Fire safety in rented homes

Find out what your landlord should do to keep your rented home fire safe 

Your landlord's fire safety responsibilities

Your landlord must:

  • provide smoke alarms if you rent privately

  • repair problems with the gas or electricity supply

  • make sure furniture and appliances they provide are safe

They may have extra obligations if you live in a house in multiple occupation (HMO).

Smoke alarms

If you rent from a private landlord, they must install:

  • smoke alarms on each floor of your home

  • carbon monoxide detectors in rooms with a coal fire or a wood burning stove


Carbon monoxide detectors are recommended but not required if you have gas or oil heating.

The alarms and detectors must be in working order:

  • when they are installed

  • at the start of a new tenancy

You are responsible for checking they are still working after that. If an alarm or detector stops working, ask your landlord for a replacement.

These rules don’t apply if you are lodger or rent from a council or housing association. You can still ask for alarms and detectors to be installed.

If your landlord hasn’t fitted smoke alarms

Ask your landlord to put in smoke alarms or carbon monoxide detectors

You can complain to the council if the landlord refuses or doesn’t get back to you.

The council can issue a notice requiring your landlord to fit and test alarms and detectors within 28 days.

The council can fine your landlord and fit the alarms themselves if necessary.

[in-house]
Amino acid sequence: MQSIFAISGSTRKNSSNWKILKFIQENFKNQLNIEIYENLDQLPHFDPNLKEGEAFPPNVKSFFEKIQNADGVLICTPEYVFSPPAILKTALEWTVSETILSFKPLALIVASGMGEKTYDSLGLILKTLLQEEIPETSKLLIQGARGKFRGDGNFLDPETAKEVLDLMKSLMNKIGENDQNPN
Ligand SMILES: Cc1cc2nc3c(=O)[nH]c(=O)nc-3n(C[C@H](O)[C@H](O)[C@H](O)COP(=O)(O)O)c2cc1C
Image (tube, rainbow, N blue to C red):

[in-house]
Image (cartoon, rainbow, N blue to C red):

Fire safety in shared homes

Your landlord has extra responsibilities if your shared home is licensed as a house in multiple occupation (HMO).

They must:

  • make sure there are clear routes to escape from a fire

  • arrange an electrical inspection every 5 years and give you the latest report

The council can also require landlords to put in fire doors, fire extinguishers or fire blankets.

Electrical fire safety

Electricity is a major cause of accidental fires in the home.

Things to look out for include:

  • damaged wiring

  • sockets that do not work, have burn marks on them or feel hot

  • loose plugs or torn cables on electrical appliances provided by the landlord

Contact your landlord if you're worried about electrical safety in your home.

Gas safety

Faulty gas appliances or pipework in your home can cause gas leaks, fire risks and carbon monoxide poisoning.

Contact your landlord if you're worried about gas safety in your home.

Furniture fire safety

Any upholstered furniture your landlord provides, such as sofas, cushions and mattresses, must have a label to show that it meets fire safety standards.

This applies to both new and second hand furniture made after 1950.

Complain to the council about fire safety

If your landlord won't deal with fire risks in your home, you can ask your local council’s environmental health department for help

They can inspect the property and take action against your landlord if your home is unsafe.

Some landlords will take steps to evict tenants who complain about an unsafe home.

Help with housing after a fire

You can ask for homeless help from the council if you are made homeless by a fire. 

They will usually have a duty to give you emergency accommodation. 

Your landlord's responsibilities to repair the property after a fire may depend on what the cause was.

You will normally still be liable for rent if your home is damaged by fire.

Last updated: 4 August 2019

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